I Am

A Writer

As a bloodhound with its nose to the ground, I was on a trail to find and committed to explore what my strong intuition was telling me about Suffolk County Community College (SCCC). Now, it was time to do the real work of completing the credits needed for my degree, though I stayed a part-time student. I worked with the honors director to pick out a set of classes. Some of these classes were just degree requirements, but I found one to be particularly meaningful: Autobiographical Writing.

My muscles twitched sitting in class. My teeth would chatter behind my lips if I even slightly released the tension in my jaw. I could not find a comfortable position to rest my legs and arms. I told myself, “I have nothing to hide and I had nothing I did not feel comfortable writing about,” but, nevertheless, I was nervous.

One day at the end of Autobiographical Writing, when everyone else had left, I walked up to Professor McGorry as she erased the whiteboard. After a moment, I spoke aloud: “I just want to tell you that all I want to do after your class is write, and write, and write.”

She turned away from the board. “Good! Good!” she exclaimed.

“That’s all I want to do,” I continued.

Professor McGorry shared encouraging words with me that I wish I remembered, but my emotions got in my way. I do remember asking, “So, I could have a future in this?”

“You can’t live off of being a writer, but you can make it part of your life, write for yourself. It’s tough to be even a journalist these days,” she responded.

Professor McGorry packed her books in her bags. “There is a school in Iowa where you could do your undergrad or even masters in creative writing. If you don’t want to go that far, there are plenty of schools out there.” She said these words with enthusiasm.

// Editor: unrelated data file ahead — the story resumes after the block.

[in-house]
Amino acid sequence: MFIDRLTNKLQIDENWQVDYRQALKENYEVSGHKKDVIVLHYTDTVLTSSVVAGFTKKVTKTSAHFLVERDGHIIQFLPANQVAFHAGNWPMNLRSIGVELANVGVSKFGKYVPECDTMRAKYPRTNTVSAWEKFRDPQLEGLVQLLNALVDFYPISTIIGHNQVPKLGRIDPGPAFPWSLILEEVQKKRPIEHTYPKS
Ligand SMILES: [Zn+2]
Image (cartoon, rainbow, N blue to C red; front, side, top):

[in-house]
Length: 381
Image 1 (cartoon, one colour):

“It’s very exciting.” I softly said, trying to find my voice. My body trembled. We walked toward the door. Then I stopped and turned to her. “It’s crazy what this class makes me feel…” Professor McGorry looked at me with warm eyes and smiled. We paused in the direction we were heading. “I feel like crying.” My eyes welled with tears and my lip quivered. She pulled me close and hugged me, allowing me to cry over her shoulder. “It’s crazy.” I cried as she still hugged me.

“It’s not crazy.” Professor McGorry responded softly. I released from her embrace and collected myself.

“I think I have been trying to ignore this for a long time. I’ve tried to suppress it, make it go away and not feel it.” Professor McGorry’s face lit up as if I said the magic words to unlock a chamber to a secret passage.  

“How old are you again?” She asked in amazement.


“Do you know my writer friends and I say to each other, ‘If only we knew this when we were young.’ For you to know this at your age is really great… It may be painful or hurt now, but there is a whole world out there. It’s hard getting there, but once you’re there, you’re there.”

I desperately wanted to get “there,” a place where I could finally exercise who I am in the midst of trying to gain confidence in my identity. I am a young woman who loves to write and who has dreamed since she was six years old to become an author. Discovering my calling as a writer was an arrival, the first step.

I understood that to continue writing, I had to continue reading. Just like the saying goes, “Reading is writing and writing is reading.” I decided to pursue being an English Major with a concentration in Creative Writing.

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Megan Cahill-Assenza with Professor Carol McGorry at SCCC’s Creative Writing Festival in April 2013. Megan submitted her personal essay, “Blue Trees,” that she wrote in Prof.McGorry’s Autobiographical Writing class to SCCC’s annual creative writing contest. She received honorable mention in creative nonfiction.

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